22 SES 08 C, Policy, Management and Governance in Higher Education
Higher education is a key economic and social priority in the global arena. Many countries have sought to advance reforms aimed at increasing access, promoting greater educational quality, and ensuring financial responsibility and sustainability. Often, strategies for achieving these aims are informed by experiences elsewhere. However, transporting education policy reforms can be problematic. Kazakhstan, a signatory of the Bologna Process, offers an example of a country seeking to improve student access and success, and promote greater fiscal efficiency to advance the overall quality of its higher education system (Merrill, 2010). A key strategy for achieving these goals is through reforms in university governance—specifically, adopting practices from other nations that move the locus of control from the Ministry of Education and Science to individual campuses and the establishment of new systems of accountability, especially the formation of boards of trustees.
In Central Asia, policy makers advance education reforms in order to accomplish several goals,including meeting “the new demands of ethnic nationalism, a globally competitive economy, and a labour market freed from administrative control” (Anderson & Heyneman, 2005, 361). In Kazakhstan, policy makers have concluded that a system predicated on decentralized control with greater institutional autonomy (and accountability), along the lines of the U.S. system, offers a promising strategy for improving the overall quality of its higher education system. Recent legislation requires a majority of universities to establish boards of trustees by 2020.
However, the kind of institutional autonomy that exists in the U.S. developed in a particular historical and social context. For example, colleges and universities were established and maintained by particular communities of support and boards represented a way for external groups to provide oversight for their investment (Taylor, Chait, & Holland, 1999). Volunteering for these kinds of leadership positionsisaccepted (and valued) cultural practice. Historically,the system of governance in the U.S. mirrors the practices of participatory democracy where board members, senior administrators and faculty all play a key role in decision making processes (Hartley, 2003). Such customs are not widely practiced in Kazakhstan with its legacy of Soviet state control.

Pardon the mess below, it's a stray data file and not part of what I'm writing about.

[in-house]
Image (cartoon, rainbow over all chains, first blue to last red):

Institutional leaders in Kazakhstan are being asked to implement reforms that emphasize institutional autonomy and shared governance. Their experiences reveal some of the challenges of importing policies from other nations. They are also in the position of looking at the notion of a decentralized system of governance with fresh eyes and offering important insights into some of the limitations of such a system.
Given these governance reform efforts, our focus on institutional autonomy is examined through the following research questions:
- What is the current state of academic governance practices in Kazakhstan?
- How are higher education leaders in Kazakhstan adapting to meet governance reforms being advanced by the Government?
- How are these leaders structuring the work of their institutions to support greater autonomy, especially the development of systems of shared governance?
Anderson, K.H. & Heyneman, S. P (2005). Education and Social Policy in Central Asia: The Next Stage of the Transition. Social Policy Administration, 39 (4), 361-380 Hartley, M. (2003). The Promise and Peril of Parallel Governance Structures. American Behavioral Scientist, 46 (7). Harrison, M. (1994). Diagnosing Organizations: Methods, Models and Processes (Vol. 8). Thousand Oaks, CA: Sage Publications. Merrill, M. (2010). Central Asia: Increasing Under Diversity. International Higher Education, 59, 26-28. OECD – World Bank (2007). Higher Education in Kazakhstan. Reviews of National Policies for Education. Paris: Author. Saldana, J. (2009). The Coding Manual for Qualitative Researchers. London, UK: Sage Publications. Taylor, B. E., Chait, R.P., & Holland, T.P. (1999). The New Work of the Nonprofit Board. Harvard Business Review on Nonprofits (pp. 53-75). Boston, MA: Harvard Business School Press.
- Search for keywords and phrases in "Text Search"
- Restrict in which part of the abstracts to search in "Where to search"
- Search for authors and in the respective field.
- For planning your conference attendance you may want to use the conference app, which will be issued some weeks before the conference
- If you are a session chair, best look up your chairing duties in the conference system (Conftool) or the app.